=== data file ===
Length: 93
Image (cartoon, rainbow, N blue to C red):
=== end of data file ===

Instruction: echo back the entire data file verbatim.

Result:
Length: 93
Image (cartoon, rainbow, N blue to C red):